Tuesday, 21 September 2010

In hospital a year on

That day last year

It was the fourth Tuesday of September 2009 when I went in for an appointment at the Internal Medicine Department of OLVG (Our Lady of Apostles Hospital), I was in excruciating pain quite unaware that I was so close to death if I had picked up an infection that touched my lungs.

The consultant had one look at my sole and another at me and told me there was a bed prepared for me upstairs, I was in no condition be left without round-the-clock monitoring.

There began my road to recovery which culminated in a diagnosis of skin cancer 9 days later, my first session of chemotherapy after 13 days and my return home on the 18th day.

This day this year

Today, the third Tuesday of September 2010 and the eve of that day in September 2009, I returned for what was essentially an annual check-up after the November, February and May, what a journey it has been.

My consultant was pleased to see me, complimented my dressing once again and we settled down to the detail of the progress of my treatment and recovery.

My blood pressure was good, the level of Vitamin D had improved dramatically, other indicators with my liver functions and so on were fine too. I was not aware that I was anaemic in December, I suppose the doctor releases only so much information to avoid worry and concern that my impact on the recuperation process.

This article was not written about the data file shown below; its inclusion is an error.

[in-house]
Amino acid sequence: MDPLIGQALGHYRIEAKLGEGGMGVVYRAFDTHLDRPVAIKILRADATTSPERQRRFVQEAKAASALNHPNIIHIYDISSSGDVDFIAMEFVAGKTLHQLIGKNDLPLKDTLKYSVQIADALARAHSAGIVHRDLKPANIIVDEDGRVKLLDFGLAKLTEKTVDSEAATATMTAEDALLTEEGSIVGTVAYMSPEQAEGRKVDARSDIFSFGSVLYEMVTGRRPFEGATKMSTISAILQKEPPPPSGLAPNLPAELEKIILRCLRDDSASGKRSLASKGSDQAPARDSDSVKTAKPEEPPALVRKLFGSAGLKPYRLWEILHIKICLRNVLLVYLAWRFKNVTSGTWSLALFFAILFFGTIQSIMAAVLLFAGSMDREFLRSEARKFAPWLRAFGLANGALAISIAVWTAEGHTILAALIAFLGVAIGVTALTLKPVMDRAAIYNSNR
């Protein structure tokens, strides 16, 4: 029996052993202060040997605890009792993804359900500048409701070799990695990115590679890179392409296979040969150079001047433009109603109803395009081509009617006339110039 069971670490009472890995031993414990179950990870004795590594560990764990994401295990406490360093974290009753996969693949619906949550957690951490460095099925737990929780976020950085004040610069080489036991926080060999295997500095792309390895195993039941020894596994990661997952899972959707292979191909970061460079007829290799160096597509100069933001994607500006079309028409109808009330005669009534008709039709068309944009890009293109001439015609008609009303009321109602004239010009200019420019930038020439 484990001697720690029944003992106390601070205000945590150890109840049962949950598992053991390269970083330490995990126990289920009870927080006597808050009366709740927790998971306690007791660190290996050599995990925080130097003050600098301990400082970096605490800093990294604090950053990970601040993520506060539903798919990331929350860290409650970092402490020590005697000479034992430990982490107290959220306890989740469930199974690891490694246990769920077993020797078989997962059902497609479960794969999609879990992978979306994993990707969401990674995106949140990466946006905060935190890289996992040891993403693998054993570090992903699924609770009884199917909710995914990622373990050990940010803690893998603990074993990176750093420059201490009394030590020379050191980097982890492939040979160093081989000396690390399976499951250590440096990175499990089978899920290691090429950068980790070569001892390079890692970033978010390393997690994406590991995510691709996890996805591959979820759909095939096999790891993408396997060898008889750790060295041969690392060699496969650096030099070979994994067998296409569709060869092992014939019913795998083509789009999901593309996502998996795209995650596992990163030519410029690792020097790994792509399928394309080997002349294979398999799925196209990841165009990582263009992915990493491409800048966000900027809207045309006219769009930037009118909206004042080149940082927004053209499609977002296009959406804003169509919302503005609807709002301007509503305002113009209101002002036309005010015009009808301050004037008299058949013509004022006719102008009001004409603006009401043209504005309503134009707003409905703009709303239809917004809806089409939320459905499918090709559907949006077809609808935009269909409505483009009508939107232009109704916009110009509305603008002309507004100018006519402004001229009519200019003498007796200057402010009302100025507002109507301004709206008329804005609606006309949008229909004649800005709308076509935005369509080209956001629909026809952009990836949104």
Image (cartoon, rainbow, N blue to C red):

My weight has now gone from the lowest measurement of 64kg in October to 80kg which he felt was encouraging though I probably need to get some exercise to avoid the Michelin Man modelling of my body.

The pills remain

The matter of the immune system was still of concern, despite all other indicators looking good, there has been a slight dip but I have been told it takes time for it to strengthen appreciably.

So, I remain on the same medication I started on in May with the need to monitor the psychological effects of it and as far as my feet are concerned, they both look quite well healed.

I returned the excess medication I had from the discontinuance in May and I learnt it was better to give this to the hospital than the pharmacy, since the former would find good causes to donate the medicines to and the latter would destroy the stuff on the premise that they cannot prove the medicines were adequately stored.

Thanks to all

I am still most grateful and thankful for the wonders of medicine, the expertise of the consultants, the care of the nurses, the compassion of family, friends and neighbours, support of well-wishers and tender mercies of God that have seen me through some of the most trying times of my whole life – I cannot be thankful enough.

However, my Treatment Advisor still wants me to take things easy and not embark of any large-scale projects for at least another 6 months – here, the mind is urgent but the body needs times, I hope I strike the balance between them all.

Next check-up – December.

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